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Engeli, S.* ; Birkenfeld, A.L.* ; Badin, P.M.* ; Bourlier, V.* ; Louche, K.* ; Viguerie, N.* ; Thalamas, C.* ; Montastier, E.* ; Larrouy, D.* ; Harant, I.* ; de Glisezinski, I.* ; Lieske, S.* ; Reinke, J.* ; Beckmann, B.* ; Langin, D.* ; Jordan, J.* ; Moro, C.*

Natriuretic peptides enhance the oxidative capacity of human skeletal muscle.

J. Clin. Invest. 122, 4675-4679 (2012)
DOI Order publishers version
Open Access Green as soon as Postprint is submitted to ZB.
Cardiac natriuretic peptides (NP) are major activators of human fat cell lipolysis and have recently been shown to control brown fat thermogenesis. Here, we investigated the physiological role of NP on the oxidative metabolism of human skeletal muscle. NP receptor type A (NPRA) gene expression was positively correlated to mRNA levels of PPARγ coactivator-1α (PGC1A) and several oxidative phosphorylation (OXPHOS) genes in human skeletal muscle. Further, the expression of NPRA, PGC1A, and OXPHOS genes was coordinately upregulated in response to aerobic exercise training in human skeletal muscle. In human myotubes, NP induced PGC-1α and mitochondrial OXPHOS gene expression in a cyclic GMP-dependent manner. NP treatment increased OXPHOS protein expression, fat oxidation, and maximal respiration independent of substantial changes in mitochondrial proliferation and mass. Treatment of myotubes with NP recapitulated the effect of exercise training on muscle fat oxidative capacity in vivo. Collectively, these data show that activation of NP signaling in human skeletal muscle enhances mitochondrial oxidative metabolism and fat oxidation. We propose that NP could contribute to exercise training-induced improvement in skeletal muscle fat oxidative capacity in humans.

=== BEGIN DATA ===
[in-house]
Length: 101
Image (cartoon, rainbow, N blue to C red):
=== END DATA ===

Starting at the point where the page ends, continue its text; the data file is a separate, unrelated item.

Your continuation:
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Publication type Article: Journal article
Document type Scientific Article
ISSN (print) / ISBN 0021-9738
e-ISSN 1558-8238
Quellenangaben Volume: 122, Issue: 12, Pages: 4675-4679 Article Number: , Supplement: ,
Publisher American Society of Clinical Investigation
Reviewing status Peer reviewed
Institute(s) Institute for Pancreatic Beta Cell Research (IPI)